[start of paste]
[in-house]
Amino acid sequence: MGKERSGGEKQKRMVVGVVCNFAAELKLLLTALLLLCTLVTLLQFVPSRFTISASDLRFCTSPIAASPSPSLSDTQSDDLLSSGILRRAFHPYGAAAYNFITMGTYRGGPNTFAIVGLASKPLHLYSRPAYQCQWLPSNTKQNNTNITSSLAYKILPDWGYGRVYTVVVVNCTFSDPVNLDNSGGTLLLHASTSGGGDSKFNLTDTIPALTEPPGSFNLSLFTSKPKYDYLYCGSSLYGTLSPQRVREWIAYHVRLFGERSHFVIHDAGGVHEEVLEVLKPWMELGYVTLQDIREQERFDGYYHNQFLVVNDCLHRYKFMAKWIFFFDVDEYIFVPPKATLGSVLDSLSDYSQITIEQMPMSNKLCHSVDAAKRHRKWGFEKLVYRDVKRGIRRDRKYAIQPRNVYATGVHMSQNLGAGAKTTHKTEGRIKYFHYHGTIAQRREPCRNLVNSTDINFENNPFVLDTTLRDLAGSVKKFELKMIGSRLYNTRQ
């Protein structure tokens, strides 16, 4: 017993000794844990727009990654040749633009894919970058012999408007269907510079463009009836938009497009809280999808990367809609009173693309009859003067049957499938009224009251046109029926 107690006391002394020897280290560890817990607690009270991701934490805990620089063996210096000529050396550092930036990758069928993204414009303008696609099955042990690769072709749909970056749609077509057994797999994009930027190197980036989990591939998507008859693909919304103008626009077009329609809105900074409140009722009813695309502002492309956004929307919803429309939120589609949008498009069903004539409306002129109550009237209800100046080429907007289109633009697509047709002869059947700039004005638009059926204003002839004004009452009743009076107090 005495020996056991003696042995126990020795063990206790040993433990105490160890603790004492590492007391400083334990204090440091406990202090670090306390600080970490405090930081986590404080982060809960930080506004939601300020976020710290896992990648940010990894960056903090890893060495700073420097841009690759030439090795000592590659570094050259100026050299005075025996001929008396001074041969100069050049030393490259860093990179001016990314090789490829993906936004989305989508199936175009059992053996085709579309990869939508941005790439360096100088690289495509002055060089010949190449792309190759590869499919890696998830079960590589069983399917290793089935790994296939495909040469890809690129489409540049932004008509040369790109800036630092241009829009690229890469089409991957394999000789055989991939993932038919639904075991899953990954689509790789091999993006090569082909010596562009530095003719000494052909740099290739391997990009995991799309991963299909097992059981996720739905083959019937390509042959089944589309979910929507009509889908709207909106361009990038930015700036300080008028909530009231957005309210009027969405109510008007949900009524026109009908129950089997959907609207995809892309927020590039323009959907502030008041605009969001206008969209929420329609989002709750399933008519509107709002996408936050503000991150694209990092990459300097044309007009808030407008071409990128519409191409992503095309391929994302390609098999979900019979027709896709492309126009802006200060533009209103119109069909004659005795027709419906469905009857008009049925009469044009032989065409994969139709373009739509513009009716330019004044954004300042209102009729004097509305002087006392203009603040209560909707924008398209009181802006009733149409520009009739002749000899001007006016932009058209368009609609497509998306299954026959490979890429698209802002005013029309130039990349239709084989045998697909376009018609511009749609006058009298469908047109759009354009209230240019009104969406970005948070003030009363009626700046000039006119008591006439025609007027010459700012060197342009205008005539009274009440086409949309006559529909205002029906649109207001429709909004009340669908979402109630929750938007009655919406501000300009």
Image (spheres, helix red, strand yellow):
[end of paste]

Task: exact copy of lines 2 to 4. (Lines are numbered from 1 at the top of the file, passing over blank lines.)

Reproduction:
Amino acid sequence: MGKERSGGEKQKRMVVGVVCNFAAELKLLLTALLLLCTLVTLLQFVPSRFTISASDLRFCTSPIAASPSPSLSDTQSDDLLSSGILRRAFHPYGAAAYNFITMGTYRGGPNTFAIVGLASKPLHLYSRPAYQCQWLPSNTKQNNTNITSSLAYKILPDWGYGRVYTVVVVNCTFSDPVNLDNSGGTLLLHASTSGGGDSKFNLTDTIPALTEPPGSFNLSLFTSKPKYDYLYCGSSLYGTLSPQRVREWIAYHVRLFGERSHFVIHDAGGVHEEVLEVLKPWMELGYVTLQDIREQERFDGYYHNQFLVVNDCLHRYKFMAKWIFFFDVDEYIFVPPKATLGSVLDSLSDYSQITIEQMPMSNKLCHSVDAAKRHRKWGFEKLVYRDVKRGIRRDRKYAIQPRNVYATGVHMSQNLGAGAKTTHKTEGRIKYFHYHGTIAQRREPCRNLVNSTDINFENNPFVLDTTLRDLAGSVKKFELKMIGSRLYNTRQ
């Protein structure tokens, strides 16, 4: 017993000794844990727009990654040749633009894919970058012999408007269907510079463009009836938009497009809280999808990367809609009173693309009859003067049957499938009224009251046109029926 107690006391002394020897280290560890817990607690009270991701934490805990620089063996210096000529050396550092930036990758069928993204414009303008696609099955042990690769072709749909970056749609077509057994797999994009930027190197980036989990591939998507008859693909919304103008626009077009329609809105900074409140009722009813695309502002492309956004929307919803429309939120589609949008498009069903004539409306002129109550009237209800100046080429907007289109633009697509047709002869059947700039004005638009059926204003002839004004009452009743009076107090 005495020996056991003696042995126990020795063990206790040993433990105490160890603790004492590492007391400083334990204090440091406990202090670090306390600080970490405090930081986590404080982060809960930080506004939601300020976020710290896992990648940010990894960056903090890893060495700073420097841009690759030439090795000592590659570094050259100026050299005075025996001929008396001074041969100069050049030393490259860093990179001016990314090789490829993906936004989305989508199936175009059992053996085709579309990869939508941005790439360096100088690289495509002055060089010949190449792309190759590869499919890696998830079960590589069983399917290793089935790994296939495909040469890809690129489409540049932004008509040369790109800036630092241009829009690229890469089409991957394999000789055989991939993932038919639904075991899953990954689509790789091999993006090569082909010596562009530095003719000494052909740099290739391997990009995991799309991963299909097992059981996720739905083959019937390509042959089944589309979910929507009509889908709207909106361009990038930015700036300080008028909530009231957005309210009027969405109510008007949900009524026109009908129950089997959907609207995809892309927020590039323009959907502030008041605009969001206008969209929420329609989002709750399933008519509107709002996408936050503000991150694209990092990459300097044309007009808030407008071409990128519409191409992503095309391929994302390609098999979900019979027709896709492309126009802006200060533009209103119109069909004659005795027709419906469905009857008009049925009469044009032989065409994969139709373009739509513009009716330019004044954004300042209102009729004097509305002087006392203009603040209560909707924008398209009181802006009733149409520009009739002749000899001007006016932009058209368009609609497509998306299954026959490979890429698209802002005013029309130039990349239709084989045998697909376009018609511009749609006058009298469908047109759009354009209230240019009104969406970005948070003030009363009626700046000039006119008591006439025609007027010459700012060197342009205008005539009274009440086409949309006559529909205002029906649109207001429709909004009340669908979402109630929750938007009655919406501000300009």
Image (spheres, helix red, strand yellow):